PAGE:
There is an abundance of need in our world right now and as much as we would like to, unfortunately we cannot impact every humanitarian crisis. However, we can share how you have helped and continue to help vulnerable Afghans.
Your support in 2021 allowed us to provide over $312,000 to programs providing education, healthcare, resettlement / refugee assistance to women and children in Afghanistan, and emergency aid to vulnerable Afghans in Afghanistan, as well as recently arrived refugees to the United States.
To date this year your support has provided $125,000 in emergency aid to help alleviate the widespread food insecurity, which is expected to lead to starvation for more than half the population in Afghanistan, as well as providing essential healthcare services.
UNICEF estimates that in Afghanistan, over 60 percent of the population lives in poverty, while 56 percent of children lack basic necessities such as education, health care, nutrition, or safe water. UNHCR, the UN Refugee Agency, estimates that 23 million people are now facing extreme levels of hunger, half of whom are children. The need has never been greater for families in Afghanistan, but your generosity has allowed us to help support these families by providing essential humanitarian services.
Meet one such family
Your support made it possible for Hussna's parents to get her treated at one of EMERGENCY's hospitals after she was shot by a stray bullet while outside her home.
Manuela, an EMERGENCY staff member at their Kabul Surgical Center, shared the below accounting of how Hussna was shot. We are grateful to be able to share this in Manuela's own words.
“It was late afternoon and fighting seemed to have stopped. That’s why we all decided to go out into the yard.”
These were Golali’s first words when she spoke to me about her daughter, Hussna. “We were outside planning to have dinner, when suddenly the fighting started again, right by our own house. That’s how Hussna was hit by a bullet.”
Hussna and her family come from Baghlan Province, north of Kabul. Her dad drove for seven hours to bring her to our hospital. I look at her and ask myself how she can bear the pain of those wounds. She is so young, just 13 months old.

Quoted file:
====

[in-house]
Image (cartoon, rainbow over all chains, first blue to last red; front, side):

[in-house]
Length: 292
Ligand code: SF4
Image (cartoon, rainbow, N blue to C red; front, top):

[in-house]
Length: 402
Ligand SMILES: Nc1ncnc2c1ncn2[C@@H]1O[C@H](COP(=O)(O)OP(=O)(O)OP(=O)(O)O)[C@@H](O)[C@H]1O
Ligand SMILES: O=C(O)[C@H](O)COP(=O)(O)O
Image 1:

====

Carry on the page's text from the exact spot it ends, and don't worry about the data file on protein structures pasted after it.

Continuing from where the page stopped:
Although Hussna is now safe, the evidence of war remains: the bullet that hit her in the yard is still there, stuck in her head. I have been told that the operation to remove it may be too risky. “Isn’t she in a life threatening situation?” I ask our medical staff. “She was,” they tell me, “but not anymore.”
I spoke with Hussna’s dad too. “I hope my daughter will recover. I hope she can go to school and do something useful for our community.” I share these hopes too, despite their situation living in the midst of this war.
The following day, I walked through the hospital’s garden. The sun is shining in Kabul. Once more I see Golali and Hussna sitting on a bench and I ask them to take [their picture]. I want to capture this moment of peace. Meanwhile, I can’t stop thinking of the bullet in her head. Is it possible to feel like you have war inside your body? Perhaps, Hussna is the only one who can really answer this question.
There seems to be an endless river of human suffering in the world, but with your help we are changing one small part of it, one family at a time. Thank you for all of your support over the years. We hope to continue to count you as one of our supporters as Afghanistan's families have never needed us more than they do now.
"Be a lamp, or a lifeboat, or a ladder."
Photo Credits from top to bottom: Photo 1- UNHCR / Andrew McConnell; Photo 2 - UNHCR / Edris Lutfi; Photo 3 - EUSA; Photo 4 - UNHCR / Andrew McConnell